Work At Home—Scam, um, Advice

We don’t post all the comments we receive because many of them, the majority in fact, are spam. However, in the interest of education, we thought we’d share this one. It came from Tony, at, in response to our Work-At-Home & Home Business Scam series:

It’s true that there are many “work from home” scams on internet, but at the same time there are many real legit paying work from home jobs you can do using your computer from the comfort of your home. This website has so much useful information on work from home. I use it on a regular basis. It’s all free and nothing to buy.” (Tony,

Thank you Tony. What a great example of how things aren’t always what they appear to be.

FatPocket is teeming with work-at-home parasites—exactly the kind we’ve been warning you about. Here are the key tip-offs of the rip-offs:

1) The phrase “legitimate jobs” doesn’t belong on the same page as mystery shopping and online surveys—we’ve found zero evidence that the average person can make a living at either.

2) Ignore that dead giveaway for the moment and click on the “Data Entry Jobs.” What you’ll get is a list of links to other sites.

Click on the first one, Axion Data Services, and you’ll find they specifically say they are not hiring— “DO NOT CALL, DO NOT Send an email.”

The second one, Connect Plus, is a consolidator site that links to other scams including one with this intro: “All the programs we list here have been thoroughly investigated and researched for legitimacy and satisfaction among those actively participating and currently working each program. We have sectioned off our “TOP 10″ Work At Home Opportunities and Careers into two categories for you convenience.”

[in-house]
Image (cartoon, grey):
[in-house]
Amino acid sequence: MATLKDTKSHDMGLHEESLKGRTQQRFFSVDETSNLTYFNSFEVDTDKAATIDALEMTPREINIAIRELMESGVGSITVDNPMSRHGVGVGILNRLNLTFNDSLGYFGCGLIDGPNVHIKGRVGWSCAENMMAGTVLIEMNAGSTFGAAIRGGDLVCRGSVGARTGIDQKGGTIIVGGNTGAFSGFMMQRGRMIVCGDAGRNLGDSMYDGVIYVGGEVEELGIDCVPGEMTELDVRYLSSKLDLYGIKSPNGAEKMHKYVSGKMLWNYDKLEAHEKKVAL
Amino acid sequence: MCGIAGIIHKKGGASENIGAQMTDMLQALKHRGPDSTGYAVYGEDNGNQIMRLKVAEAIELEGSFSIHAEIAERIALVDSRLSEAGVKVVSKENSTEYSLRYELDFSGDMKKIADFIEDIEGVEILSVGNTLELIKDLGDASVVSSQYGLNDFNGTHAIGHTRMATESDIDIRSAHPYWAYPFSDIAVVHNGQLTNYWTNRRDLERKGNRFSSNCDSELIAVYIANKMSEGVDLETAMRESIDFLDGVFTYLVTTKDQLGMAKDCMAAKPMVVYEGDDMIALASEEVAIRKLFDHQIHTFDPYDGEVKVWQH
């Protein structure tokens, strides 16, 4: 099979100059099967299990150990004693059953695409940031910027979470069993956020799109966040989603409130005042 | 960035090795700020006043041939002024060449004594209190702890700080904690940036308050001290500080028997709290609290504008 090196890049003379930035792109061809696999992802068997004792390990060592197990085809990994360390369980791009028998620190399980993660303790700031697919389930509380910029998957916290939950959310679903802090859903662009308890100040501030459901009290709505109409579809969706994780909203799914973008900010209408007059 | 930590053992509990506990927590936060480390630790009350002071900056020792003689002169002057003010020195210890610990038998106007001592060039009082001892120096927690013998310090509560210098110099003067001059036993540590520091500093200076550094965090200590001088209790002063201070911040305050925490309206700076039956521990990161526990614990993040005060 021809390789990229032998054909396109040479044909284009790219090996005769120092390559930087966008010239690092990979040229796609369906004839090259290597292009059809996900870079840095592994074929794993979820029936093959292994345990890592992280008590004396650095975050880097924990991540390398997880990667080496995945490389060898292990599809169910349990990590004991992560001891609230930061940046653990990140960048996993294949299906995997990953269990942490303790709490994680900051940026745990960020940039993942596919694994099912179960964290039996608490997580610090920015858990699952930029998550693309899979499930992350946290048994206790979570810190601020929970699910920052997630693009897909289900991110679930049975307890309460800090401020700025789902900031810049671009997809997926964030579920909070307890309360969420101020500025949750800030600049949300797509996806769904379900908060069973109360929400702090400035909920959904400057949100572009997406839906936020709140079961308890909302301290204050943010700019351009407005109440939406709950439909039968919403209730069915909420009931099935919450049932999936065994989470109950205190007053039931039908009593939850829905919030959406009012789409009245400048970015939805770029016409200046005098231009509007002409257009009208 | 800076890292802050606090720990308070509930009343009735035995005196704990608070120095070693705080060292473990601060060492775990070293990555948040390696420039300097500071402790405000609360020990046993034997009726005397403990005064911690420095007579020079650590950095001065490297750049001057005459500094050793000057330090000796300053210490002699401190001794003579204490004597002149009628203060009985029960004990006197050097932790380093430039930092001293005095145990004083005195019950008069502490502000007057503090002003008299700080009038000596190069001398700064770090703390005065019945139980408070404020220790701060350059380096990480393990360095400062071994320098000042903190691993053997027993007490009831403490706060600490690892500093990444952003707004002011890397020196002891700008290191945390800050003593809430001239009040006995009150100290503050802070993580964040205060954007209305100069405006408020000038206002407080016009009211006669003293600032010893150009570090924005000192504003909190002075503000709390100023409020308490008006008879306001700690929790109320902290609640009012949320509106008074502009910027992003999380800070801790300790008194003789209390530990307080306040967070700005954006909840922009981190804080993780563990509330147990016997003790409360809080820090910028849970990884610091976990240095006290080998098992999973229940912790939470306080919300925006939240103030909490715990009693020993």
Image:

What a bunch of malarkey. How do these people face themselves in the morning?

Finally, since Tony is actually from FatPocket, saying “I use it (FatPocket) on a regular basis” is a bit like saying “Read my blog. I read it all the time and enjoy it immensely.”

Thanks for helping educate our readers Tony.


Tony replied to our post, and pointed out that we unjustly accused him of malfeasance, and we do apologize. He never claimed you can make a living doing surveys, and he clearly isn’t teaming with parasites as he understood us to say. We said his site was teeming with parasites, and while that seems to be the case, it’s no direct fault of his. The problem Tony’s discovered is that the web is swarming with scum, and he’s smack up against the problem we all have: how to find the needle in the hay stack.


We think we probably assessed Tony’s website properly. He hasn’t made the changes he promised, and continues to point unsuspecting visitors to sites that pay him but point the visitor to useless (or worse) sites.

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